Tuesday 21 August

Woken by a duet between two muezzins. We take a taxi first to the ATM on Sokoine Road, and I am relieved to confirm that my card is accepted, although I have to extract the Tsh500,000 in three separate transactions. A small queue builds up behind me and I am a little embarrassed at the thick wodge of notes that I stuff into my pocket.

Back in the taxi, once again we have difficulty explaining that we want the Dar Express bus to Mombo, and we end up at the main bus station, which we have already established is not the place for Dar Express buses. As we pull up the car is immediately beseiged by ticket sellers. The driver locks the doors and they begin banging on the roof. It is really very scary. Then the driver lets one man into the passenger seat and drives us round to the other side of the station. I’m not liking this one bit. We pay off the driver and get out, whereupon we are mobbed again by shouting and jostling ticket sellers. Rachel spies a police officer and we break through the crowd to ask him for help.

Things begin to calm down just a little, and we end up paying Tsh9000 to get on a tatty bus bound for Tanga that passes through Mombo. We pray that it is okay. At least we are on a bus away from the attentions of the ticket sellers. Presently the bus fills up and at a quarter to nine we hit the road.

The leg from Arusha to Moshi is fine enough. The bus is old and rattly, we are near the back, and there are some standing passengers. But there is no evidence of the suicidal driving of which the guidebook gives dire warnings.

After Moshi I think we have a new driver. The bus is now very crowded, and it bumps and sways along the uneven road at what seems to be a rather higher rate of knots than before. I check again the guidebook’s list of blacklisted bus companies against our tickets. Uh oh. It says ‘Tashriff’. Begin to pray.

(magnify) Hawkers at a bus station

We make many stops at the roadside and in town bus stations. At each stop we are surrounded by hawkers trying to sell fruit, nuts, sunglasses, shampoo, in fact just about anything you might need on a long bus journey and much else that would clearly be surplus to the requirements of most normal passengers.

About five bone-jarring hours after leaving Arusha we reach the New Liverpool Breeze, a rest-stop just short of Mombo that is mentioned in the guide book so that we now know where we are. At Mombo I disembark while Rachel makes sure the bus does not leave until I have safely retrieved our rucksacks from underneath.

We just miss the first daladala for Lushoto, so wait for about forty minutes inside a second until it is deemed full enough to make worthwhile the journey up the winding road. We pass beautiful waterfalls. More people squeeze in at Soni and other stops along the way. It seems that many people just start walking, and if a bus happens to drive past they will flag it down for whatever remains of their journey.

Great views of hills and forests and waterfalls, and not too scary hairpin bends! We arrived in Lushoto at about five, tired but happy to be here. We then began a hideous hotel search.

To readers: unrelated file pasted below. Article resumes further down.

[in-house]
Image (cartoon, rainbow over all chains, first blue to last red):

It is starting to rain as we arrive. We have decided to try the Lushoto Sun Hotel first, but the rooms are dingy and not very clean. Our second choice, the Tumaini, is full. Next on our list is the Lawns Hotel, which is quite some walk away, and the rain is now falling quite heavily. We climb with our luggage, panting with the exertion, up the last few steps to the reception, but they too are full.

We find space in the Kilimani, not far away. The room is very spartan but we are now in no mood to be choosy, and it is only Tsh10000. We pay the receptionist, dump our bags on the floor, remove wet cagoules, and sit down to catch our breath. But we are beginning to regret our decision. The bathroom is very dingy and contains beasties. And there is a bit of a smell.

We decide to leave our luggage here and go to find something better. There are still a few options listed in the guidebooks that we haven’t yet tried. We walk some way up a steep dirt track but fail to locate the Mandarin Grand Hotel. The White House Annex is more easily located but they have shared squat toilets, so that’s a ‘no’. A little further along the same road is the Kialilo Green Garden Motel, not in either guidebook. It looks quite nice from the outside, a neat crazy-paved front drive leading up to a colourfully-painted single storey building. And they have space – a small but clean and homely room with a decent en-suite. We’re saved! The owner seems very nice too. We return to the Kilimani for our bags and decide not even to ask for the Tsh10000 back. Just consider it a left-luggage fee…

(magnify) Kialilo Green Garden Motel

The guidebooks are not especially encouraging about food options in Lushoto. We head out for the Action Safari Café, near the daladala stand. It is now dark and we are both peering around intently looking for the café. Suddenly the ground disappears from beneath my feet and I find myself lying in water.

I stand up quickly, not badly hurt by my fall but shaken, and it is a few moments before I have regained composure and realise that in the dark I have fallen into a four foot deep drainage channel along the roadside. A large burly man who is no doubt wondering this crazy tourist is doing in one of their drainage channels reaches down and hauls me out – R is too busy laughing, although I think at the same time she is quite concerned!

We return to the hotel so that I can shower and change, then we go out for a second attempt at dinner. Not wanting a repeat of my mishap, R helpfully points out to me every last pothole and puddle.

Our second sortie is more successful. We end up at the Tumani Hotel – we are the only ones in the dining room (at half-past seven) and when we finish our main course we can’t order desserts because the chef has gone home.